[Source: Bonnie Henry, Daily Star] -- Ninety years after the last vestiges of Tucson's walled fort known as San Agustín del Tucson were carted off, a portion of the presidio has now come to life Downtown. But re-creating the late 18th century in modern-day Tucson hasn't come easy. Adobe walls had to be stabilized. Uniforms had to be meticulously researched. And then there was that cannon — one that shoots out toast, rather than fire power. One can only wonder what the presidio's original inhabitants — and the Apaches they fought — would think of all this. Inside, meet some of the stalwarts determined to keep our history alive — with or without limitations.
The Transamerica Building looms to the south, sometimes blocking the sun. Across the street is a parking garage. Trains can be heard rumbling in the distance. And plunked in the middle of all this modern urbanity sits Tucson's distant past: the re-created Presidio San Agustín del Tucson. Part anachronism, all dream — particularly for Tucson architect Lewis Hall, who in 1984 helped found the Tucson Presidio Trust for Historic Preservation. Its main mission: reconstruct a portion of Tucson's long-gone fort, which dates back to the late 1770s. Hall had an even bigger dream. "He wanted the whole thing. He wanted to tear down City Hall," says another Presidio Trust founder, Sybil Needham. "It was an obsession with him." Lewis died in 1998, a year before funding to reconstruct a portion of the presidio was approved. The location: a parking lot, three acres in all, on the northeast corner of Church Avenue and Washington Street. Funded with $2.67 million in Rio Nuevo money, re-creation became reality last May, though not without its naysayers. "Some people say you can't restore," says Needham. "But the Alamo is restored. All those buildings bombed to gravel during World War II have been restored." Archaeologist and anthropologist Gayle Hartmann, who is a former president of the Presidio Trust, says, "Yes, this is a reconstruction. It used to be a parking lot. I don't think that matters. It's a glimpse of history."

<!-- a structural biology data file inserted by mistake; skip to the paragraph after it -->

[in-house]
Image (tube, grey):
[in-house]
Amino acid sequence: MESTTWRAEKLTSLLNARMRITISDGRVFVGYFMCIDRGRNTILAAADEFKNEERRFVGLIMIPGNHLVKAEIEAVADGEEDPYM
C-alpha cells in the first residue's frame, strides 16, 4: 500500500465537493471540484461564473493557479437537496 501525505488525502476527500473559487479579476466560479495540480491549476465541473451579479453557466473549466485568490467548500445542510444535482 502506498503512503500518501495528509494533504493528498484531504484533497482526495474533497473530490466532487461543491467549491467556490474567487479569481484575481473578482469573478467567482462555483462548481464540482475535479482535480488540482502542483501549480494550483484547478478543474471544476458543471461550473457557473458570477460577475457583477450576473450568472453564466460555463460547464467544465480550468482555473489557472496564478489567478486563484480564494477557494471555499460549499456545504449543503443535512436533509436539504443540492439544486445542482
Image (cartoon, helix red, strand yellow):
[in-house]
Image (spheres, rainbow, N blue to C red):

[Note: To read the full article, click here. Photo source: Arizona Daily Star.]